Trail running has been in my blood since I was a school boy running cross-country for my secondary school. The Victoria School boys cross-country team was and still is famous for consistently being one of the top teams. I had the privilege of running for and being part of the team that won the national school championships 3 years in a row. A big shout out has to go to our coach Mr Ho Kiat Chong, who is the one who gave me the love for the sport. He taught us discipline and endurance through distance running, and I treasure these precious lessons till today. Thank you Mr Ho!
Fast forward 20 years: I am still loving the sport, but this time cranking up the distance. I have completed two full road marathons and two trail 50km races, but I was searching for something more challenging. My ultimate goal is to race the Ultra Trail du Mont Blanc (UTMB) but at 100 miles, over very challenging and vertical terrain, it is still some way more till i can get there. So the plan is to get more race experience over longer distances and also more varied terrain.
As part of this journey, I entered the Borneo Ultra Trail Marathon (BUTM) two weeks after completing 52.5km at the MR25 Trail Ultramarathon in December last year. I guess you could say I signed up on a runner's high!
After the MR25 race, I allowed some time for rest and recovery before resuming training in February 2016. My mileage was not as high as I would have liked due to work commitments but I did the best I could. The key was to always head out enjoying my runs , which is vital to running such long distances. Another crucial thing that helped me during the race was doing the back-to-back long runs on the weekend. So I would typically head out for a 3 hour run on Saturday and then do a 2hr+ run on Sunday. This served to let my body and mind get accustomed to working when I was tired. As traditional ultra training wisdom says, it is the time on your feet that matters. I also worked on the stairs (30 storeys x 5 times) just to get used to the amount of climbing we would be doing in the BUTM. I would have liked to have done longer runs and more vert training, but work, travel and illness took away the better part of the training period. I also was very disciplined about foam rolling and stretching, which helped me stay injury free throughout.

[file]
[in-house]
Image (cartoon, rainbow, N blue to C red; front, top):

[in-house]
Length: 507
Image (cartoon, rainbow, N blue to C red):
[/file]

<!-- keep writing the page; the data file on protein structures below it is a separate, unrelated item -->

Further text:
|BUTM 2016 Start area, Tamparuli Valley (Kota Kinabalu)|
|Keeping warm at the start|
|The main tent where all race organization takes place. I am amazed at the grassroots nature of this race and throughly enjoy this simple yet well-organised event. Kudos to the organising team!|
|50km Course Profile (this is not the latest map we used, i couldn't seem to find it but the only difference was the naming of the water stations after WS 2)|
The 50km course would prove to be a fun but tough one, and by the end of it runners would have climbed a total of more than 2000m. For a Singaporean with no mountains to train on, this is by no means an easy task.
The race started well but things started to go wrong after our group of around 12-15 runners missed a route marker and went the wrong way after leaving WS1. We ended up having to bash through the jungle, desperately trying to head straight towards the nearest 4x4 vehicle main track. By using my compass and map, and also the altimeter readings from another runner's Suunto, we eventually reaching the main 4x4 dirt road in between WS2 and WS3.
|Strong pace coming out of WS1|
|Jungle bashing along rubber tapper tracks|
|Crossing streams with refreshing water helped us keep our sanity in our push to get out of the jungle|
We were so thrilled to meet a lady tapping rubber in her plantation, and she told us which direction to head towards WS2. By this time we were more than an hour delayed and around 4km off course. We had to make the mind numbing run backwards to WS2 in order to check in there, otherwise we would be disqualified. We all eventually made it back to WS2 after 30mins of hard running along a mainly upslope journey. After quickly filling up our now depleted water supplies (it is compulsory for all runners to be able to carry a minimum of 1.5litres of water) I was finally back in the race proper.
The rest of race was spent digging deep and reminding myself that I have trained hard for this and this sure beat being cooped up at work back home! I found the steep downslopes tough on my quads and this is something that I need to work on in future training. There was a point when I was actually scared of losing control of my legs when negotiating a steep, muddy slope in the middle of a huge downpour. The slope had literally turned to flowing sheets of mud and gravel, and sustaining grip on such a surface was a painful affair.
|Me managing a smile after the toughest climb of the race: 50 degrees straight up a forested slope to reach this clearing.|
|Typical trail during the race.|
|Typical suspension bridge|
The final 20km were the hardest but fastest kms during my race, partly due to the relatively smaller climbs but also because i was running with a fellow racer who i made friends with. we both were in the group that got lost and we kept each other going for most of the race. We cracked jokes about how we were wearing the same grey Uniqlo running top , and i started calling him Uniqlo. Found out his name, and now Ahmad and I follow each other on Strava!
|Typical climbs during the race.|
|Done! pardon the blurry photo taken by iPhone 4.|
What an amazing race and even more amazing opportunity to have experienced Borneo this way. This race has taught me not to give up and I was happy that i remained in control all the time, even after having had to run extra distance due to getting lost. Here's to more ultras in the future !
[Check out the race stats and follow me on my Strava account]